Alternative Browsers

Monkeying around with web browsers requires, you guessed it, monkeys. A visual metaphor for my free time. (Photo by Igor Ovsyannykov)

I happen to spend a lot of time online—who doesn’t—but lately, I’ve been spending time in browsers other than Safari or Chrome, which has led to some interesting discoveries. First, I don't always want to use javascript, heresy for a web person, but especially when resources are constrained I just don’t want to pay the performance penalty. The same applies to layout, some times, I just need the content on the other side. No frills, no background videos, no fancy layout. Just text and images. Finally, I learned that I don't want to mess about with fiddly UI components, if it can be done on the keyboard or a gesture, then that’s what I prefer.

So what browsers have I been playing around with?

Earlier, I mentioned a browser called Cargo which uses the Blink rendering engine sans almost all UI to create a simple, keyboard-driven alternative to Chrome. When I have a machine that can support it and I’m in a mood, this is a browser I’ll play with. No hamburger menu to hide a million options behind. I'm looking at your Chrome, Opera, Firefox, et al.

Mozilla’s Firefox efforts with the recent Quantum engine seem to be yielding real gains in usability. It also benefits from a wealth of extensions, including my personal life line: 1Password X. Memory usage has come down, so it plays alright with less capable hardware and rendering is pretty spot on.

The Qutebrowser is a wildcard. It is reasonably lightweight and the Qutebrowser is keyboard driven, following a lot of VIM conventions for navigating the browser itself and web pages. I have decent VIM movement muscle memory (ALLITERATION ALL DAY), but if the preceding sentences have been gibberish to you, I would advise you to skip this one. I’ve had some difficulty installing and running reliably. It depends on the Qt library, which my current Linux desktop environment is not well integrated with.1

Dillo has been useful for dealing with memory concerns. It doesn’t run javascript by default, it optionally downloads images and causes every website you visit to become a time machine back to the late 90’s. You quickly realise how speedy the web was before we ruined it. Dillo is awesome for zipping around and getting exactly what you need. No bloat.2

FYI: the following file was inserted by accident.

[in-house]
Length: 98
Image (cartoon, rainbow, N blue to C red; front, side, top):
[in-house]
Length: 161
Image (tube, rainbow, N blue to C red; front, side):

Of the browsers I listed above, I spend the most time in Firefox and Dillo. Reasonable rendering accuracy and performance in one or two tabs and white-knuckle speed, respectively, has been the best balance for my current needs. That said, I still use Safari primarily. I'm trying best to use my linux environment as a tool for cases that require what a desktop best provides, which for me is web development. All my other tasks are handled amiably by other devices.

If you haven’t already, consider taking some time to test outside your comfort zone. Today I focused on browsers, but you never know exactly what’s best for your needs until you test against them. Let me know if you find any interesting projects that I haven’t mentioned—I’m always looking to flush an afternoon away playing with software.


  1. Update: I've played around with it a little more, all it took was forcing it to use an older Webkit engine... thats “all” it took, but it is really mind bending. Linux in general has been warping how I use a computer, but applying VIM bindings to navigating a user interface is, at best, weird and at worst, excruciating. 

  2. I haven’t (yet) broken down to pay with text-only browsers, but at this rate, who knows what I’ll be up to come tomorrow. 

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